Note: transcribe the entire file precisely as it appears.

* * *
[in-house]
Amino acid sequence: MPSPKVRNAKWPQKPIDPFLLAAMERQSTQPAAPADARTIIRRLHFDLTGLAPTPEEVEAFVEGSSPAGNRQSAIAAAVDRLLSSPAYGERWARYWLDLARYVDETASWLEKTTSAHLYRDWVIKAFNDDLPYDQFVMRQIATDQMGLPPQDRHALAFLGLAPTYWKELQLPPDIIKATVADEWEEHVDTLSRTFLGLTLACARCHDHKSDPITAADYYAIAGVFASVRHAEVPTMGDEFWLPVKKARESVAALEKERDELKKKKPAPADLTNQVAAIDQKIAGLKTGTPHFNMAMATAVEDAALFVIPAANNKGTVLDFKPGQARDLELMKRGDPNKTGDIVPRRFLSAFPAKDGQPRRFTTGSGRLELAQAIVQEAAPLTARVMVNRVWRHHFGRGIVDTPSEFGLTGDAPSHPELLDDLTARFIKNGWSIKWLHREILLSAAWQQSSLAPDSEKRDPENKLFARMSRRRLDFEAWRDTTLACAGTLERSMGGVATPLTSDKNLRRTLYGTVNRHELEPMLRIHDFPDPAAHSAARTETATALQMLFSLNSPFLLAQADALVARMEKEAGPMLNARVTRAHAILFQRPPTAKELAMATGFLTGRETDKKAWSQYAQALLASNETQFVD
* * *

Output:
[in-house]
Amino acid sequence: MPSPKVRNAKWPQKPIDPFLLAAMERQSTQPAAPADARTIIRRLHFDLTGLAPTPEEVEAFVEGSSPAGNRQSAIAAAVDRLLSSPAYGERWARYWLDLARYVDETASWLEKTTSAHLYRDWVIKAFNDDLPYDQFVMRQIATDQMGLPPQDRHALAFLGLAPTYWKELQLPPDIIKATVADEWEEHVDTLSRTFLGLTLACARCHDHKSDPITAADYYAIAGVFASVRHAEVPTMGDEFWLPVKKARESVAALEKERDELKKKKPAPADLTNQVAAIDQKIAGLKTGTPHFNMAMATAVEDAALFVIPAANNKGTVLDFKPGQARDLELMKRGDPNKTGDIVPRRFLSAFPAKDGQPRRFTTGSGRLELAQAIVQEAAPLTARVMVNRVWRHHFGRGIVDTPSEFGLTGDAPSHPELLDDLTARFIKNGWSIKWLHREILLSAAWQQSSLAPDSEKRDPENKLFARMSRRRLDFEAWRDTTLACAGTLERSMGGVATPLTSDKNLRRTLYGTVNRHELEPMLRIHDFPDPAAHSAARTETATALQMLFSLNSPFLLAQADALVARMEKEAGPMLNARVTRAHAILFQRPPTAKELAMATGFLTGRETDKKAWSQYAQALLASNETQFVD